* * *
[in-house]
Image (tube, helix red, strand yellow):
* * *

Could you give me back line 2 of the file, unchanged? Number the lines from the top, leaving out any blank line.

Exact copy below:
Image (tube, helix red, strand yellow):